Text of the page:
Q: Photonics as an enabling technology is inspiring change and innovation in many sectors, which also brings a lot of excitement. Are there any areas that cause concern?

A: I think, like a lot of industries, we wonder about the workforce pipeline, and we get concerned that there may not be enough kids interested to become practitioners. Because photonics is an enabling technology, there isn’t always high-level awareness that it plays a role in optical fibers, which means it’s also part of things like social media, smartphones, and robotics. But intellectually curious people have a way of finding these things out, so that gives me confidence.

Q: Many older people think of technology as invasive, or believe the barrier to entry is too expensive or too complex. Can you discuss some ways that photonics developments might be useful to a population that is inclined to avoid or resist it?

A: This reminds me of an initiative called “aging in place,” something that the U.S. and Japan are looking into together. It is considered from the point of view of the user’s needs (freedom to move) and affordability. How can technology be responsive? For example, a home for an older person who has trouble walking may be equipped with banks of sensors that can respond if the person has fallen, maybe an alert for help. Sensors are a large part of the photonics industry, so we’re right there.

Technical illiteracy (or ignorance) has profound societal implications, beyond just the challenges of maintaining an innovative workforce or the personal enrichment of better comprehending the world around you. Understanding technology (or not) certainly influences attitudes, preferences, and fears, and this drives decisions, votes, and policies.

Q: What areas of photonics research do you think are going to be transformational? The future of quantum sensing? The impact of silicon photonics? AR/VR? Lidar? Miniaturized sensors for the smart home and/or smart city?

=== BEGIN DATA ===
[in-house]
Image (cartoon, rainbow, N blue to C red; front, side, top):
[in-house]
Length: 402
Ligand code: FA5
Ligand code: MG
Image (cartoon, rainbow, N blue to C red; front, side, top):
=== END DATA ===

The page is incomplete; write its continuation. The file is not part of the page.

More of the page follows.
A: All of the above, and more. As connectivity becomes ubiquitous and computing/storage power increases, the opportunities for sensing, measuring, identifying, interpreting, and interacting with the physical world are endless. These opportunities hit the sweet spot for photonics, and they are mutually reinforcing — more data will drive more connectivity, which opens more opportunities and applications, and we just keep building.

Quantum sensors will take all of this to the next level, with unprecedented sensitivity and precision that opens entirely new applications and ultimately leads to quantum computation that could enable solutions to intractable problems in material design, logistics, and data analysis. I think we are entering a golden age for optics and photonics.

Q: What are your top two or three goals for SPIE in the coming years?

A: I’m very fortunate to be following Eugene Arthurs, who is leaving an effective and healthy SPIE after 19 years as CEO. I’ve been very impressed with the competence and passion of SPIE staff. We’re in a great place, but we can always do better.

SPIE’s mission is to help our community advance optics and photonics. We have a reputation for holding very effective meetings — Photonics West is arguably the flagship event for our field — but one goal I have is to find even more ways to increase the value of participation. People are busy, and our field is fast-moving, so we need to provide the technical information our constituents demand by providing the most effective and meaningful conferences, exhibits, publications, and short courses possible. Continually improving our ability to meet the needs of our diverse community is a major goal. For example, SPIE is investing to capture and disseminate presentations from our events, in both video and transcribed form, to help speakers share their results and to help engineers and scientists learn at their desks. Right now we have more than 14,000 presentations among the half million papers in the SPIE Digital Library.

Q: Which SPIE activities have been most successful in increasing the awareness of photonics? Are there new ideas you’d like to implement in the coming years? Do you think SPIE (as a thought leader) can permeate the consciousness of the general public?

A: In the U.S., SPIE, along with The Optical Society and other professional optics societies, is one of the founding members of the National Photonics Initiative, which works to raise public policy awareness of the value of photonics among our Washington, D.C., decision-makers. Internationally, SPIE has made significant investments to support the International Day of Light to increase worldwide awareness of photonics. The 2018 event was very successful, with more than 600 activities in 87 countries, many of which were very inclusive, bringing nontechnical people into the fold. It’s very important for nonspecialists to have the opportunity to understand the technical world around them.

SPIE is the international society for optics and photonics, a not-for-profit organization founded in 1955 to advance light-based science, engineering, and technology.

Published: June 2018
SPIEKent RochfordInternational Day of LightIDLNISToptics + photonics metrologyaging in placeNational Photonics InitiativeFeatures